Gehrig’s 1924 rookie year contract sold for $358,500. A 1927 New York Yankees signed baseball sold for $143,400, and Babe Ruth’s 702nd home run ball sold for $191,200.

The auction house said more than 60,000 tickets were sold to Gehrig’s last game, at Yankee Stadium in New York. Only two tickets are known to have survived. Of them, only the mezzanine box ticket had Gehrig’s autograph.

The ticket was owned, until the auction, by a collector who did not want to be identified.

Gehrig retired after being diagnosed with amyotropic lateral sclerosis, now known as Lou Gehrig’s disease. In his farewell speech that day he said he considered himself “the luckiest man on the face of the Earth.”

From The Associated Press, submitted by Martin Maher, Langlois, OR.



SHIPWRECK’S GOLD INVENTORY RELEASED

Deep-sea explorers recovered millions of dollars in gold and silver and a slew of personal items that are a virtual time capsule of the California Gold Rush, according to newly unsealed court documents obtained by The Associated Press that provide the first detailed inventory of a treasure trove being resurrected from an 1857 shipwreck at the bottom of the Atlantic Ocean.

The recovery effort at the SS Central America shipwreck, about 200 miles off the South Carolina coast, began in April and is expected to continue throughout the summer.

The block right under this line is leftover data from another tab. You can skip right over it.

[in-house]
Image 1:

The operation is being directed by a court-appointed receiver of an Ohio company that had been led by a treasure hunter-turned-fugitive named Tommy Thompson, who first found the Central America in 1988- a monumental achievement funded by a group of central Ohio investors who never saw a penny.

Immediately after finding the ship and recovering a fraction of its garden of gold, Thompson became embroiled in a decades-long legal battle over who had rights to the treasure and how it was being dispersed. None of the investors ever saw a return, despite the gold selling for about $50 million, though Thompson’s supporters say the vast majority went toward legal fees and loans.

In August 2012, after he failed to show up for several court hearings, a warrant was issued for Thompson’s arrest. He has been a federal fugitive ever since.

Meanwhile, the Central America and its gold sat untouched since 1991, the last time Thompson and his team were at the site.

The new recovery operation was made possible after the court-appointed receiver awarded a contract to Tampa, Florida-based Odyssey Marine Exploration to conduct the recovery in hopes of bringing up more treasure and paying back investors.

The inventories, unsealed by a federal judge in Virginia recently, show that Odyssey Marine has brought up 43 solid gold bars, 1,300 $20 double eagle gold coins, and thousands more gold and silver coins.

Bob Evans, an Ohio scientist who was on both the original and current expeditions, said in a statement “the variety and quality of the coins being recovered is just astonishing.”

He said the double eagles are just as “spectacular” as the ones recovered more than 25 years ago, but that the most recent recovery has resulted in a wider variety of coins.

“I have seen what I believe are several of the finest known examples,” Evans said. “The coins date from 1823 to 1857 and represent a wonderful diversity of denominations and mints, a time capsule of virtually all the coins that were used in 1857.”